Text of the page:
One of the of the key computational learning goals for the class is for students to understand iterative integration loops and how those loops can be employed to create model and visualize bodies in motion. For example, in one of these programs (created with VPython) that students interpret and adapt, they have to model the motion of a hovercraft falling off a cliff and use their computational model to make predictions as to where the components will fall.
“Overall, as a student who came into this class with no former physics knowledge and a general distaste for the subject, this experience left me with a profound understanding of the topics covered and a passion for what I had learned. This class helped me be more comfortable in a group setting and more confident in my individual understanding of the physics.”
Best Technology Enhanced
DAN 352 is a dance techniques-based class in which the student learns a kinesthetic approach to multiple forms of dance in the contemporary cannon. The student is assessed by their growth in the class, retention of choreographic styles and ability to expand artistically. To facilitate this growth, the class was supplemented by live-streaming dance classes from Los Angeles with top professional dancers from So You Think You Can Dance and CLI Studios. By using professional dancers to supplement classes, the students learned from the absolute pinnacle of contemporary dance knowledge.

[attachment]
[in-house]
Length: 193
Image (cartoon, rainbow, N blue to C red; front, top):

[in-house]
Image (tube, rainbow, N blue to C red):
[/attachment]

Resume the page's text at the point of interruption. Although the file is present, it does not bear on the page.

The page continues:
Willcuts worked with Teddy Forance, co-founder of CLI Studios, to create an online learning experience solely for MSU students. This project was then used to create CLI Studios’ new Live-Class program, which is used by thousands of students all over the world. Students appreciated the opportunity to learn from famous, noted experts in the field.